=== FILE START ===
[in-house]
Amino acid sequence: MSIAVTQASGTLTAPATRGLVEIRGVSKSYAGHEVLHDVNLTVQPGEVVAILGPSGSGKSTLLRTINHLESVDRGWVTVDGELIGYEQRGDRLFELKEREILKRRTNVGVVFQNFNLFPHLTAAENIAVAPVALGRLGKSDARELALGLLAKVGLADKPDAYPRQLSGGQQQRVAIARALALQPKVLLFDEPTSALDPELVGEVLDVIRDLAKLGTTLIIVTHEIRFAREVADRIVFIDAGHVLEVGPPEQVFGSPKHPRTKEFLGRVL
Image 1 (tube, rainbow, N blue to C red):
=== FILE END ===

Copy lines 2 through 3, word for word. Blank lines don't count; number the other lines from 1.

Amino acid sequence: MSIAVTQASGTLTAPATRGLVEIRGVSKSYAGHEVLHDVNLTVQPGEVVAILGPSGSGKSTLLRTINHLESVDRGWVTVDGELIGYEQRGDRLFELKEREILKRRTNVGVVFQNFNLFPHLTAAENIAVAPVALGRLGKSDARELALGLLAKVGLADKPDAYPRQLSGGQQQRVAIARALALQPKVLLFDEPTSALDPELVGEVLDVIRDLAKLGTTLIIVTHEIRFAREVADRIVFIDAGHVLEVGPPEQVFGSPKHPRTKEFLGRVL
Image 1 (tube, rainbow, N blue to C red):